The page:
Apart from Mickey’s stellar guitar work the most memorable passage in the record is the flirtatious conversation between Mickey and Sylvia about how you should most effectively call your lover to your side. Sylvia’s vocal here with its witty mixture of urgent command and come-hither mellifluousness would surely have any errant swain frantically scrambling towards her at top speed! As Mickey takes the record on home with his final guitar flourishes you sense that the couple will now deliriously continue their mating dance long into the night.

Mickey and Sylvia’s record has inspired scores of cover version in many musical genres in the decades since it was issued. Today here on the Jukebox I want to draw your attention to a characteristically gorgeous version from 1992 by the English duo of Ben Watt and Tracey Thorn known collectively as, ‘Everything But The Girl’.

The flawless marriage of guitar, strings and voices on this track provides the listener with seamless pleasure. I hear this version evoking a drowsy, warm English summer meadow atmosphere. As the trees bend in the light breeze you can almost hear the distant call of the Thrush, the Blackbird and the Nightingale. Somewhere, off to the side, the mayflies harmonise as they too seek to engage in the strange mysteries of love.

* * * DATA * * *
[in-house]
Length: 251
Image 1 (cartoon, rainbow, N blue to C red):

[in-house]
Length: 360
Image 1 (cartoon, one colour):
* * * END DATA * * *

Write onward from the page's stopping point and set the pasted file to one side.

Everything But The Girl are distinguished as writers and performers by a rare combination of musical and emotional intelligence. With their take on, ‘Love Is Strange’ they simultaneously suggest an edenic innocence and a reflective, almost rueful, over-the-shoulder look back at that former paradise from the vantage point of a later maturity.

Tracey Thorn has a heart-winning voice that convinces by its modesty of expression. As she sings you feel you have been privileged to eavesdrop as she spins out silken threads of song. She is adept at gently inviting the listener to ponder the stories and range of emotions contained in her songs so that you may be surprised at how deeply they have entered your consciousness. Ben Watt quiet excellence as a musician, songwriter and harmonist gives their work together a longevity and depth of field that will repay close attention.

Poets, Princes, Paupers and regular folks like you and me will always dream about, sing about and gaze wonderingly into the night sky pondering the eternal mystery of love. All I can do in conclusion is to echo Bob Dylan and say: